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Symposium

In the Wake of Slavery and Dispossession

Emory, Racism and the Journey Towards Restorative Justice 

September 29, 2021 - October 1, 2021

In Fall 2021, Emory University will host a symposium on slavery and dispossession to highlight ongoing efforts and research in this area, to encourage creative interpretations and dialogue, and to reckon with Emory’s legacy of slavery and racism and its ongoing, enduring effects. The symposium will be free to the public.

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Call for Proposals


Key Dates 

  • Proposal submission deadline EXTENDED: June 21, 2021, 11:59 pm EST
  • Notification of successful proposals: June 30, 2021  
  • Conference registration opens: July 1, 2021


Symposium Steering Committee Members 

Carol Anderson, Charles Howard Candler Professor and chair of African American Studies 
Yolanda Cooper, Co-Chair, Dean and University Librarian  
Clint Fluker, Curator for African American History and Culture, Rose Library 
Camille Goldman, Graduate Student, Department of History 
Carol Henderson, Co-Chair, Vice Provost for Diversity and Inclusion, Chief Diversity Officer, Special Advisor to the President 
Johannes Kleiner, Associate Director Civic and Community Engagement 
Alix Lindsey Olson, Assistant Professor of Women’s Gender and Sexuality Studies, Oxford College 
Megan O’Neil, Assistant Professor of Art History and Faculty Curator, Michael C. Carlos Museum
Carlton Mackey, Director Ethics and Arts Program 
Beth Michel (Tohono O’odham), Associate Dean of Admission at Emory
Megan Pendleton, Director of Diversity and Inclusion, Oxford College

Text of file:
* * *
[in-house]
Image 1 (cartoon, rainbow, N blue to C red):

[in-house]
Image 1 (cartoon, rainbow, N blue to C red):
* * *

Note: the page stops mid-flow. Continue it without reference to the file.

Ronald Poole II, Undergraduate Student 
Walter Rucker, Professor, Department of African American Studies and History 
Anjulet Tucker, Director of Presidential Initiatives and Special Projects, Office of the President 
Kimberly Wallace-Sanders, Associate Professor of American and African American Studies


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Acknowledgement

We acknowledge that Emory University was founded in 1836 on the historic lands of the Muscogee (Creek) Nation, 15 years after the First Treaty of Indian Springs (1821) dispossessed the Muscogee of land including both Emory campus locations. We also acknowledge that Emory University's founders were slaveholders, and the Oxford campus was originally constructed by enslaved people. To these peoples and their descendants, we acknowledge the grave injustices inflicted on them, and we recognize the indelible mark of their labor on the creation of the university.

Collage Images

Black-and-white photos of Black student activists at Emory University (Emory University Archives) 

Rare first edition of David Walker's 19th century anti-slavery book, "Appeal" owned and signed by W.E.B. Du Bois, acquired by Emory University's Stuart A. Rose Manuscript, Archives and Rare Book Library

Photograph of Muscogee Creek Nation leader Chitto Harjo (Chief Crazy Snake), a vocal opponent of government efforts to divide communal land into individually owned allotments (Library of Congress)

Atlanta Journal newspaper article on Kitty's Cottage in Oxford, GA, home to a woman who was enslaved by one of Emory University's trustees

15th-century AD Mississippian shell gorget (pendant), with spirals and land representation (Michael C. Carlos Museum)

Portrait of Frederick Douglass featured in an original copy of one of the abolitionist’s autobiographies, “My Bondage and My Freedom,” published in 1855 (Rose Library)

1850 edition of The Narrative of Sojourner Truth acquired by the Stuart A. Rose Manuscript, Archives and Rare Book Library (article on p. 31)

1925 aerial view of original buildings on Emory University's Oxford campus, which were constructed with slave labor (Emory University Archives)

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